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HAISU is a portmanteau of three Japanese words - 'hairu', to enter, 'su', number, and 'hausu', an English borrow word meaning house, of course.
Together, we get a meaning of 'enter number house', which I have roughly translated to English as 'Room Count'.

The rules are simple - draw a path from the O to the X, passing through every cell in the grid exactly once. The grid is divided into several rooms. When your path passes over a cell with the big number N, it must be the Nth time you have entered the room. If a room has a small number m in the top left corner, you must enter that room a total of m times. An example Haisu puzzle and its unique solution are shown below.

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Hopefully this example puzzle clarifies the rules.

My previous Haisus have been over-complicated and/or difficult, so here is a puzzle which is MUCH more moderate in difficulty!

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Here is the unique solution:

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and here's one way to get there, all steps being forced so that the outcome is known to be unique. Let's begin with the 3-visit region near the top left. There's only one way to arrange that.

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And now the regions to its left are straightforward.

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Let's add the obvious things in the corners, which we should really have done first on autopilot.

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Now we can fill in the centre-left region:

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The path can't cross the north and west boundaries of the central region for fear of giving too many visits to the L-shape above it.

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Thinking about that region at top centre, we have to do this for fear of too many visits to adjacent regions:

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Count entrances and exits for the 2-visit L-shape near the middle:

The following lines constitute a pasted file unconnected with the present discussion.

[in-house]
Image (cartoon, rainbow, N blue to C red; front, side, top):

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If we join the upper two bits of path in that region near the bottom left, they'll end up being part of a loop that doesn't visit every square. So don't do that:

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We can't enter the single-visit region near top right from the left, because that would make the top-right region impossible, so:

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There's very little flexibility at top right and we fairly quickly find we have to do this:

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Counting entrances and exits of the bottom area, we must have this:

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leading quickly here:

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There's only one way to handle the cell to the right of the start, and then we can count entrances and exits of the 3-visit L-shaped region:

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Now there's only one way to fill in that narrow corridor:

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and all that remains is the earliest portion of the path:

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  • $\begingroup$ You little ninja... oh well. $\endgroup$ – stack reader Feb 25 '17 at 13:28
  • $\begingroup$ @stackreader You've still got a chance with the Rose puzzle! $\endgroup$ – TheGreatEscaper Feb 25 '17 at 13:37
  • $\begingroup$ Sorry! If I'd known someone else was working on it I'd have been happy to leave it alone. $\endgroup$ – Gareth McCaughan Feb 25 '17 at 16:15
  • $\begingroup$ Don't feel bad, you won fare and square. $\endgroup$ – stack reader Feb 25 '17 at 16:43
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Here is my solution

Only way to get 2 entrances in a 2X2 square.

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The 2 lines must connect so that only 1 entrance is done in the room bellow.

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Once again, Only way to get 2 entrances in a 2X2 square.

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Logical deductions to only allow 2 entrances in the big room.

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The 2 red dots must connect somewhere or else the room to the right will be impossible to solve in just 1 entrance. From there, we can do further logical deductions.

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Only possible way to hit the 2 on the second entrance without forcing more then 1 entry on the room to the left.

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Only way to enter 3 times in the lower left room.

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The rest just comes together on its own.

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